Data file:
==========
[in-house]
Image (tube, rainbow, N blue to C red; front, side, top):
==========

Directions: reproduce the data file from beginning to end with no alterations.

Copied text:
[in-house]
Image (tube, rainbow, N blue to C red; front, side, top):